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Doomsday Cults and Secret Fish: Rising Richmond Comic Artist Megan James Finds Humor in the Apocalyptic 

click to enlarge Local artist Megan James holds her H.P. Lovecraft-inspired comic book, “Innsmouth,” at Velocity Comics. Her work was featured this year alongside other gay creators for Pride Alley at Awesome Con in Washington.

Scott Elmquist

Local artist Megan James holds her H.P. Lovecraft-inspired comic book, “Innsmouth,” at Velocity Comics. Her work was featured this year alongside other gay creators for Pride Alley at Awesome Con in Washington.

Last fall, Megan James was expecting to leave Velocity Comics on Broad Street with a small purchase. She walked out with a comic book deal. Really, who could turn down a series about fish people?

“I’m still amazed I had the balls to do that,” says James, who cold pitched her story to James Moffitt, founder of Sink/Swim Press. She produced an issue two months later, which promptly sold out.

Moffitt says James’ fast-rising status is “pretty incredible for a new artist.” Critics have called her Innsmouth series a sublime satire of author H.P. Lovecraft, who heavily influenced pop culture depictions of aliens and monsters.

“Innsmouth” is set in the fictional New England town described in Lovecraft’s 1936 novella, “The Shadow over Innsmouth.” The original story is about a community full of fish people in disguise, which James says is unintentionally hilarious. Harnessing that paranoia, she dreamt up Randolph Higgle, a door-to-door doomsday cultist. The series dives into Higgle’s psychology — and his change of heart about activating the apocalypse. Three issues have been released, and this summer James is figuring out how to wrap up the final two issues. She’s looking everywhere for inspiration, including a visit to Newburyport, Massachusetts, the town that inspired Lovecraft.

“I was privately jazzed to be there, on a secret mission,” says James, who recently graduated from Virginia Commonwealth University. “Although, when I bought a historical map of the place, the guy in the shop asked me, ‘Do you live around here?’” It was a very Lovecraft moment, she says.

The Innsmouth issues have about 40 pages each, twice the length of typical comic books. James works fast initially, penciling out all the pages in two to three days. She developed her chops partly through the advice of popular Web artists. She says Lars deSouza is one such motivational figure. He would respond to James’ questions during live-streamed drawing sessions. Today, readers can detect deSouza’s influence on the faces of James’ characters, which are carved with jittery intensity. But the architecture and the landscapes of Innsmouth may be the attraction for some readers.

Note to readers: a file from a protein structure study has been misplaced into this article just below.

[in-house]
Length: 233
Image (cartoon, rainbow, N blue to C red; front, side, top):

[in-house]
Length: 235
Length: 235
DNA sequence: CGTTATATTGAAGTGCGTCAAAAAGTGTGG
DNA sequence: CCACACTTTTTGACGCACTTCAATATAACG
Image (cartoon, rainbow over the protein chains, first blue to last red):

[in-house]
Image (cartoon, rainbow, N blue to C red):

“Her style is so precise,” says Ken Hopson, an innovative media manager at Virginia Commonwealth University’s James Branch Cabell Library. In the finished product, each cobblestone and every leaf is rendered with utmost care.

As the world of small press artists has gotten increasingly competitive, James has sought out smaller conventions, like the Massachusetts Independent Comics Expo. She says she’s fine with that. First of all, James likes the irony of selling a small town Massachusetts storyline at a little expo in that state. Second, she says that she ends up finding more meaningful paths to the bigger conventions.

This year, for example, her work was part of Pride Alley at Awesome Con in Washington. The showcase placed her alongside other gay creators who satirize the status quo. “It’s just another part of who I am,” she says.

Lovecraft is controversial in the comic book world because of his real-life fascination with cultural purity. James recommends Victor LaVelle’s “The Ballad of Black Tom” and Matt Ruff’s “Lovecraft Country” for “people taking smart approaches to tackling Lovecraft’s giant amount of problematic baggage.” Film rights for the latter were recently bought by Comedy Central star Jordan Peele, whose smash directorial debut “Get Out” is a modern horror tale that scored huge at the box office. There’s no copyright risk for riffing on Lovecraft, of course.

“[Lovecraft] encouraged other people to take his work and add to it,” James says. “To this day, the Lovecraft estate is totally open to all these people using it as a basis for other stories.”

It’s still a dicey endeavor, financially speaking. “I don’t know that I’d call anything Sink/Swim does a financial success,” Moffitt says. “The artists get paid first — I don’t really make anything. The margin on small-print comics is very low.” 

People have asked James to write short stories that would expand the Innsmouth narrative. She’s into the idea and has already spun off her main characters for a series of funny Valentine’s Day cards. For now, though, she’s searching far and wide for her summer muse.

“Part of issue four will involve leaving this plane of reality,” she says. “Representing that artistically on the page is going to be a really fun challenge.”

Sometimes creative limitations aren’t the end of the world, but the start of a big breakthrough. S


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